The Raspberry Pi is an inexpensive credit-card-sized Single-Board Computer (SBC), which has tremendous learning (and play!) potential. And it runs Linux, so promotes Open Source Software!
While the size is small, its impact is large: in less than one year, from first introduction March 2012 through January 2013, ONE MILLION Raspberry Pi’s were sold!
There are two models: $25 Model A (with 256 MBytes RAM, one USB port, no Ethernet) and $35 Model B (512 MBytes RAM, 2 USB ports, and 10/100 Mbps wired Ethernet). Model B is shown below:
This computer was developed by the non-profit (charity) UK-based Raspberry Pi Foundation. You can read more about its genesis here: http://www.raspberrypi.org/about. And this Wikipedia article also has more information: http://en.wikipedia.org/wiki/Raspberry_Pi.
While the name may sound tasty, here is the reason for its name (as reported here): “In the early days of Home Micros, there were a number of “Fruit” named computers. Apart from Apple, Apricot and Tangerine spring to mind. Pi is said to be derived from the programming language Python, which was an early runner in suggestions for a suitable “official” language for the Raspberry.”
Beyond the Raspberry Pi board for $35, you only need a few additional items to create a useful computer, and hopefully you have some of these already:
- SD Card (such as used in Digital Cameras)
- HDMI Monitor/TV (and HDMI cable)
- USB Keyboard and USB Mouse (can also use USB wireless keyboard and/or mouse)
- micro USB power supply (as used by many smartphones)
- optional ethernet (network) cable
- optional case
So, here was my first setup of my Raspberry Pi (shown circled in red on the right), and dwarfed by the 32″ TV:
The Raspberry Pi runs Linux! Specifically, the Raspbian Operating System is based on Debian optimized for the Raspberry Pi hardware. You can download Raspbian for free here, with much more information on the www.raspbian.org website. The Raspberry Pi runs LXDE (“Lightweight X11 Desktop Environment”) as its graphical user interface (GUI) or “window manager”. Here is what the LXDE desktop might look like (click for full-size actual resolution of 1824×984 pixels):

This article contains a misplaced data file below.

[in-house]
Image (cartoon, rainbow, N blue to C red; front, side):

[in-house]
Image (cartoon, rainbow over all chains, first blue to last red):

The FAQ page recommends purchasing the Raspberry Pi (for those in the USA) from Allied Electronics but reported as out-of-stock with a 6 week wait, so instead I purchased my Raspberry Pi Model B from Amazon (for less than $47 including free shipping).
One of the interesting characteristics of the Raspberry Pi is that it runs from an SD card (just like you would find in a Digital Camera or Smartphone), and not from a hard drive (although you could install one via USB). The huge benefit of an SD card is that it allows changing the computer’s “personality” simply by swapping SD cards! In fact, the first step in this Raspberry Pi Quick Start Guide is to insert the SD Card. Pages 2 through 4 will tell you what you need, and how to setup your bootable SD card. Another useful startup guide can be found here, including the section “Booting Your Pi for the First Time”.
What can the Raspberry Pi do? Here are some ideas:
- As intended, it is a phenomenal learning environment for those who wish to learn hands-on how computers really work, including programming in various languages, including Python and C.
- For those who would like to learn more about electronics, especially computer-interfacing, the Raspberry Pi will be really great. Back when I was soldering electronics for hardware-generated true (not pseudo) random bits for cryptography, using my RANGER Device interfaced to a PC’s Centronics parallel port, it would have been nice to have a Raspberry Pi! Worth noting that the RANGER Device was all 5 Volt TTL (Transistor–transistor logic) and the Raspberry Pi uses 3.3 Volt CMOS (Complementary metal–oxide–semiconductor). More information on interfacing TTL to CMOS can be found here.
- For those who want to learn how amazing Linux is, and perhaps “be root” on their first Linux server
- For surfing the Web, there are several browsers available including Google’s Chromium (“sudo apt-get install chromium-browser”). While may be a bit “heavy” for the Raspberry Pi, being able to run multiple tabs in the browser while also being able to run extensions like “Session Buddy” is very pleasant and familiar.
- You could make your own $35 Apache web server. Another set of instructions is here.
- Or, put another way, an inexpensive way to learn LAMP. LAMP is an acronym for Linux (operating system), Apache HTTP Server, MySQL (database software), and the programming languages: PHP, Perl or Python, as the main components of millions of the world’s web servers.